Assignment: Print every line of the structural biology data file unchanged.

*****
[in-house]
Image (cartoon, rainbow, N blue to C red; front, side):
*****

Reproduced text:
[in-house]
Image (cartoon, rainbow, N blue to C red; front, side):